The future is being printed right now viagra generico 100 mg prezzo piu basso a Milano Tom Moore

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here Cyberculture icon Stewart Brand’s famous notion that “information wants to be free” has been an almost ubiquitous refrain ever since utopian-minded hackers began populating computer networks in the 1980s. Today, 3-D printing has given the phrase a whole new meaning, allowing raw data to become real-world objects with the click of a button. Started in 1989 by Belgian mechanical engineer Wilfried Vancraen to allow “flexible manufacturing” of precision parts, 3-D printers have evolved significantly over the past 25 years. Since then, nearly everything has been attempted to be built by a 3-D printer — even firearms. On May 11, 2013, Cody Wilson of Defense Distributed printed, assembled, and

successfully fired the Liberator .110, the first fully functional 3-D printed pistol. The plans that Wilson used to print the parts were made available to download for free on the Defense Distributed website. Defense Distributed is a pending non-profit organization that has been using 3-D printing to print accessories for weapons since its inception. So printing a fully functional, all plastic weapon was simply the logical “next step.” And why stop at guns?

It is now possible to print cars using industrial sized 3-D printers using polymers. It’s possible to print human organs, using technology developed by scientists at the Wake Forest Institute for Regenerative Medicine, by laying down a synthetic scaffolding coated with the patient’s own cells. Not only does this allow the quick and relatively inexpensive manufacture of fully functional customized organs, but it also ensures the patient’s body does not reject them because they are coated with the patient’s own cells.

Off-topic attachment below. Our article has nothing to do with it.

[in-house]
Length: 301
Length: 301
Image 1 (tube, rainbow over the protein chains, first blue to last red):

Since UWF introduced its 3-D printer in the library’s Skylab, hundreds of models, devices and demonstrations have been printed on it. And UWF archaeologists are using MakerBot 3-D printers to digitize artifacts and bones in their Virtual Bones and Artifacts Lab, Virtebra @ UWF. UWF art students also have access to 3-D printers for their work as well.

While still a novelty, 3-D printing rapidly is becoming mainstream. Nowadays a printer can be purchased for as little as $1,500. Once purchased, all you need is an idea. It could be the next Hot Wheels car, or it could be a new heart valve that could revolutionize medicine.

And that is exactly what the concept of 3-D printing is all about. It’s predictive of the future. No device in history has allowed regular, everyday people to build pretty much whatever they want right in the privacy of their homes, in a space not much bigger than an average-sized kitchen table.

To find out more about 3-D printing at UWF, including prices and to see a time-lapse video of it in action, visit this page on the library’s website.